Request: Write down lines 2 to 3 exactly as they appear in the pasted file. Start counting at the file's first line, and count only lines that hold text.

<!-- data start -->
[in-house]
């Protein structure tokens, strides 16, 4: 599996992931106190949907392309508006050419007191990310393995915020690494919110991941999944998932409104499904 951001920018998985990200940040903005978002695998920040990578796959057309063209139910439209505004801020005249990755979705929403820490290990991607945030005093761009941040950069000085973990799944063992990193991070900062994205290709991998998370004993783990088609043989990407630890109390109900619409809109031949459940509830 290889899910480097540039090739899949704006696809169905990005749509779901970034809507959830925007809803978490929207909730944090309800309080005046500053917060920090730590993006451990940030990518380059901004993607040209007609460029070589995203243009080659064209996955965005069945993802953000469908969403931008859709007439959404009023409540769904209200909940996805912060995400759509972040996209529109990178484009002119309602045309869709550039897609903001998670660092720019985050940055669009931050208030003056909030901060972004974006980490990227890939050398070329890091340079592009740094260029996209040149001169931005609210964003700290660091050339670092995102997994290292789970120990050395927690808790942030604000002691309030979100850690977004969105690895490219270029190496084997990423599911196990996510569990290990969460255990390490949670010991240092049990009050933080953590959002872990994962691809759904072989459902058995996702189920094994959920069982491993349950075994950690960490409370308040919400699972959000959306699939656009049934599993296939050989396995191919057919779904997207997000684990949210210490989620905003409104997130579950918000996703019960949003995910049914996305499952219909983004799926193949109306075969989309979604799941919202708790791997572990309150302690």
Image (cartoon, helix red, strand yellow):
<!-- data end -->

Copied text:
């Protein structure tokens, strides 16, 4: 599996992931106190949907392309508006050419007191990310393995915020690494919110991941999944998932409104499904 951001920018998985990200940040903005978002695998920040990578796959057309063209139910439209505004801020005249990755979705929403820490290990991607945030005093761009941040950069000085973990799944063992990193991070900062994205290709991998998370004993783990088609043989990407630890109390109900619409809109031949459940509830 290889899910480097540039090739899949704006696809169905990005749509779901970034809507959830925007809803978490929207909730944090309800309080005046500053917060920090730590993006451990940030990518380059901004993607040209007609460029070589995203243009080659064209996955965005069945993802953000469908969403931008859709007439959404009023409540769904209200909940996805912060995400759509972040996209529109990178484009002119309602045309869709550039897609903001998670660092720019985050940055669009931050208030003056909030901060972004974006980490990227890939050398070329890091340079592009740094260029996209040149001169931005609210964003700290660091050339670092995102997994290292789970120990050395927690808790942030604000002691309030979100850690977004969105690895490219270029190496084997990423599911196990996510569990290990969460255990390490949670010991240092049990009050933080953590959002872990994962691809759904072989459902058995996702189920094994959920069982491993349950075994950690960490409370308040919400699972959000959306699939656009049934599993296939050989396995191919057919779904997207997000684990949210210490989620905003409104997130579950918000996703019960949003995910049914996305499952219909983004799926193949109306075969989309979604799941919202708790791997572990309150302690």
Image (cartoon, helix red, strand yellow):